The China Evergrande debt crisis gathered momentum Thursday when the giant property developer was called a defaulter for the first time when Fitch Ratings downgraded it to ‘’Restricted Default’’ status.
China Evergrande debt stands at about $300 billion and Fitch said it did not respond to a request for confirmation on coupon payments worth $82.5 million that were due last month with a 30-day grace period ending on Monday.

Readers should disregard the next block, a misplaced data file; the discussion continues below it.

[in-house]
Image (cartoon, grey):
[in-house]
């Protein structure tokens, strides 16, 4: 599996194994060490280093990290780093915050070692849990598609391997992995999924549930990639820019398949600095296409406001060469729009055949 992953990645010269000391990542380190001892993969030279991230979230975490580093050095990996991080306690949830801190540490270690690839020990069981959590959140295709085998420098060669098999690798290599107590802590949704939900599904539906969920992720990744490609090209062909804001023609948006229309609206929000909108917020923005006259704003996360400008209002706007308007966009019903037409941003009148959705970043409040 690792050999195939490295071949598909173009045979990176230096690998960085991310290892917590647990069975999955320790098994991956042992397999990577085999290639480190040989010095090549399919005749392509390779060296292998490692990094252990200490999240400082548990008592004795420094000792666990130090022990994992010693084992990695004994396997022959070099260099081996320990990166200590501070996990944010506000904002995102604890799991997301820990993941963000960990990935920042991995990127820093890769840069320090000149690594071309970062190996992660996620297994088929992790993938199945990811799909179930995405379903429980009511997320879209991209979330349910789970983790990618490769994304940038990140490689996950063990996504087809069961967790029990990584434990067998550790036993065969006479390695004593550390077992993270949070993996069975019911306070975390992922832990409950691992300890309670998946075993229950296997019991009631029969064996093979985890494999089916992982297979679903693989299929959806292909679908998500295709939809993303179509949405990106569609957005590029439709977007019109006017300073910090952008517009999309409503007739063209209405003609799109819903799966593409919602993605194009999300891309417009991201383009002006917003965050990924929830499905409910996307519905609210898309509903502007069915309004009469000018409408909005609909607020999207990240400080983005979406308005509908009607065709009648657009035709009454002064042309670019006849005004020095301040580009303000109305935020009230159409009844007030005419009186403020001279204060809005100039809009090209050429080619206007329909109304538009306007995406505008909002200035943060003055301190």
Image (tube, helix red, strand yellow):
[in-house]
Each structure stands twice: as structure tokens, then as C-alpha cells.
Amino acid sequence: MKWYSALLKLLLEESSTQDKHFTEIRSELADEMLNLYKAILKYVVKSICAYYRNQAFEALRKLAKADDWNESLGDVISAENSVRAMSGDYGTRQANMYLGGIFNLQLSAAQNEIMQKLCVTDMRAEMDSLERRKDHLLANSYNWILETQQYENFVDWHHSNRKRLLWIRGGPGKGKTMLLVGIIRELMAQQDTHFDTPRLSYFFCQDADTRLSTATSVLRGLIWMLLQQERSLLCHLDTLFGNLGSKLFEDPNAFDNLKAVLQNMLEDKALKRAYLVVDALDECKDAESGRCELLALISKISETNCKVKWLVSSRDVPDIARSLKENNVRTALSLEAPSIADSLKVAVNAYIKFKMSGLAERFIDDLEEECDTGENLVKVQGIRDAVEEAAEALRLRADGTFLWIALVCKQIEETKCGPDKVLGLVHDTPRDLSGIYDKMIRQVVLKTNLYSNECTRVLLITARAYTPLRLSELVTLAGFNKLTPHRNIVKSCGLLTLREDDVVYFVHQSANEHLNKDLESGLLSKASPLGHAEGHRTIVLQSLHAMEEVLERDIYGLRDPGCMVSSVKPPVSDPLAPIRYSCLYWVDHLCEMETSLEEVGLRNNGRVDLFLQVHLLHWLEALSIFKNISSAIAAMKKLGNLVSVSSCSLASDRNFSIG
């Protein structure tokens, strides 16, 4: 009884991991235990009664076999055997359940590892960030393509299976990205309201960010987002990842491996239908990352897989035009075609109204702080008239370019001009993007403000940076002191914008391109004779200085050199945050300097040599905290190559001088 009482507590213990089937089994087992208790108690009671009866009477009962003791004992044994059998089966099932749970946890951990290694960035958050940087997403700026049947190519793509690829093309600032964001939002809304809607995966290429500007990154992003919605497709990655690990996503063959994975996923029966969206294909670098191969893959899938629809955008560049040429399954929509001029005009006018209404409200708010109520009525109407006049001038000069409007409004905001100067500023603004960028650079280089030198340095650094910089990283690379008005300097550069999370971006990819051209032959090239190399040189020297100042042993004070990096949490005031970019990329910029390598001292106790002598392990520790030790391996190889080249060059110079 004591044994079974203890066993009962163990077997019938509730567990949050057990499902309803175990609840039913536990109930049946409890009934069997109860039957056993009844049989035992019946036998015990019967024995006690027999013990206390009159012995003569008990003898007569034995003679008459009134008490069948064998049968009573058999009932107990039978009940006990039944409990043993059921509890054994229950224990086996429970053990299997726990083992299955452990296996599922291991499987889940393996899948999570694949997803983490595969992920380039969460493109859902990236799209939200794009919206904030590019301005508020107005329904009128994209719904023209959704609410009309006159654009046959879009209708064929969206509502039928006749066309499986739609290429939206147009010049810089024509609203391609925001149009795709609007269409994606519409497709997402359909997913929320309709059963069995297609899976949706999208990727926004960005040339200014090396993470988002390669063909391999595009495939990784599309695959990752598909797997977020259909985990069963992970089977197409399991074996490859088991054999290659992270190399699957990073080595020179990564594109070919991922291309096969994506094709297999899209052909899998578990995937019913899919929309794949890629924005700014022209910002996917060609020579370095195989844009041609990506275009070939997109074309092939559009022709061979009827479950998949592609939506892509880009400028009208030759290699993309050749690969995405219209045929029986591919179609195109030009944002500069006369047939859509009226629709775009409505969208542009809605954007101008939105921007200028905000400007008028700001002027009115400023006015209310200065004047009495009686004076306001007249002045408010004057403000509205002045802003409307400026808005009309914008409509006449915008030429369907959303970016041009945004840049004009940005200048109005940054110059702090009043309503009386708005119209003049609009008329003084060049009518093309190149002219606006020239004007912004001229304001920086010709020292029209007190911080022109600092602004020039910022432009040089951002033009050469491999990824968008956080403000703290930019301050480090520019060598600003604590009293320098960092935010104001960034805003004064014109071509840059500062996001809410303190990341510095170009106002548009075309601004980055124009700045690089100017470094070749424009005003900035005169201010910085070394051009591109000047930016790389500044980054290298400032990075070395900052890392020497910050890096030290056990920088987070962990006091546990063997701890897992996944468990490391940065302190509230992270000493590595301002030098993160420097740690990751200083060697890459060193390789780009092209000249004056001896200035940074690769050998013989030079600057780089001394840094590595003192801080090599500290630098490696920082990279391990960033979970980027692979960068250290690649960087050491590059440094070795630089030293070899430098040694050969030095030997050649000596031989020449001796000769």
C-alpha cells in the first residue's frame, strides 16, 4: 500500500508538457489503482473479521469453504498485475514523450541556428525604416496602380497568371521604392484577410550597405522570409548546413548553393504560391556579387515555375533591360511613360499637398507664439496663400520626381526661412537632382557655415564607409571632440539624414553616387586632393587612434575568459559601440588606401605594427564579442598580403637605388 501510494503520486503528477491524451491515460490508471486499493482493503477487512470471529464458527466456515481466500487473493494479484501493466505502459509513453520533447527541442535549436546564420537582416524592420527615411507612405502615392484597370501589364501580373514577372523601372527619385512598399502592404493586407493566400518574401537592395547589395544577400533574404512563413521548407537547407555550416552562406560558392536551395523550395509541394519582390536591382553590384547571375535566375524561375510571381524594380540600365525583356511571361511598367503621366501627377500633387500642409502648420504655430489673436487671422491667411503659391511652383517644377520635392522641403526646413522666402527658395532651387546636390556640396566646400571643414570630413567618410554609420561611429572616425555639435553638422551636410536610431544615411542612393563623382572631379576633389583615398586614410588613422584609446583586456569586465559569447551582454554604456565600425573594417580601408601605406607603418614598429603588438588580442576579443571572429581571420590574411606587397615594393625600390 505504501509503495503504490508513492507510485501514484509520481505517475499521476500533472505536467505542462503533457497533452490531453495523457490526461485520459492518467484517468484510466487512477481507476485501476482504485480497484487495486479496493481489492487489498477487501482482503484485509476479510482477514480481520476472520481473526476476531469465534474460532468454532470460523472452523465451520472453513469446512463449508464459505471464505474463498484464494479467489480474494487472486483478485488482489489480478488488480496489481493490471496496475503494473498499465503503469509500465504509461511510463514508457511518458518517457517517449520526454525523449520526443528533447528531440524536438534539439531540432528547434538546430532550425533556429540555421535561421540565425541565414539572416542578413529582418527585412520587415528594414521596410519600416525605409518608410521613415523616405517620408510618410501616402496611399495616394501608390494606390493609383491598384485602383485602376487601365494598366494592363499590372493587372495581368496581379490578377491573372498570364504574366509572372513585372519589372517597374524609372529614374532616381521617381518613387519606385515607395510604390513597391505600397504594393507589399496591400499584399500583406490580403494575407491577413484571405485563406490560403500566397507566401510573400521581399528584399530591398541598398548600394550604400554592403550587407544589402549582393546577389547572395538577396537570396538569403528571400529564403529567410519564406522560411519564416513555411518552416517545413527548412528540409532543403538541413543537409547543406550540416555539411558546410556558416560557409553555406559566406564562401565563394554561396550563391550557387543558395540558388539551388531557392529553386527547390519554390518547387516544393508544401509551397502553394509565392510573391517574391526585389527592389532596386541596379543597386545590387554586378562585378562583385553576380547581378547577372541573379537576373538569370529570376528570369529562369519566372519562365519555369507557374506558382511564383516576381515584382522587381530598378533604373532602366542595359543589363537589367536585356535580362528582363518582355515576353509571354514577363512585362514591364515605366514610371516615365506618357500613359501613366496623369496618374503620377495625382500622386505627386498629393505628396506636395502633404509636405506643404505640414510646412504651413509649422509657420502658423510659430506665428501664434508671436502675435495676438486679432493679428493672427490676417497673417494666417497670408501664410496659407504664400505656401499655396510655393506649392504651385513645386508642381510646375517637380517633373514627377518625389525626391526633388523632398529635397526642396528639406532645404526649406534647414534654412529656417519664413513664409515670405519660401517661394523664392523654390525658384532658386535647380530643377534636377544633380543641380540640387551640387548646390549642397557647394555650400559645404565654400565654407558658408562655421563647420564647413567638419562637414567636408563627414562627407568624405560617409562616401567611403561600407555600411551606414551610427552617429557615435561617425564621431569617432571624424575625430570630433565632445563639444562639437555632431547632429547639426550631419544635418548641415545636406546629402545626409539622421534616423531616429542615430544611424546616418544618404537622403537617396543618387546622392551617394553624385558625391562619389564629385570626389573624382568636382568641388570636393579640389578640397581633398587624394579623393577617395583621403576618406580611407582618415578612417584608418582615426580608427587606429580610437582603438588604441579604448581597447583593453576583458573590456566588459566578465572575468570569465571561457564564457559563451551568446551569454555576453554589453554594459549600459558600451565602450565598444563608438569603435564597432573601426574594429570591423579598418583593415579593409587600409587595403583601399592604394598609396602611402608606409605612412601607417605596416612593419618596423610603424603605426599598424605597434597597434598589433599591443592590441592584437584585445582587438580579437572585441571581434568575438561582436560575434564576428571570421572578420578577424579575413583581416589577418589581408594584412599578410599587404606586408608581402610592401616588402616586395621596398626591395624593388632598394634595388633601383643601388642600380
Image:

“We are therefore assuming they were not paid,” it said.
Fitch defines a restricted default as indicating an issuer has experienced a default or a distressed debt exchange, but has not begun winding-up processes such as bankruptcy filings, and remains in operation.
The following timeline shows the next bond coupon payments that must be negotiated to avoid a China Evergrande default. There are 14 of them through early May that together total almost $1 billion.
• By Nitin Bhagat and Vishakha Saxena